Tired of websites trapping your shortcut keys for their own ends? Me too. Usually, the problem is that they take over the Firefox slash-to-search shortcut. But what can we do about it?
First, we could tolerate it and just use ctrl+f instead. On some slash-abusing sites, like Bitbucket, this isn’t a terrible option: they rarely include long pages that require quick jumps. In api documentation, however, it’s nightmarish.
Second, we could try to stamp out the evil by filing bugs and fighting for justice. There is some hope for this: Github, for example, used to abuse the slash key and no longer does. In general, however, it devolves into Whac-A-Mole. Django rightly rejected slash abuse in in 2008, only to have it sneak into the Django docs in 2015. [As if to prove my point, Github reinstated slash abuse not long after I wrote this.]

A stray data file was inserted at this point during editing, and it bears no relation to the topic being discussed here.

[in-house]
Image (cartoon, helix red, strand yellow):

Finally, we could just fix it. This Greasemonkey script lets you list known abusers and prevent them from seeing slash keystrokes. After some time, however, I realized that my Greasemonkey approach did not go far enough: it only prevents abuse of one keystroke and only on selected sites.
In fact, there are only a handful of sensible reasons for any website to capture a keystroke, ever. Why not just stop them all?
So, I welcome Keyboard Savior Xtreme. Take back all your keystrokes.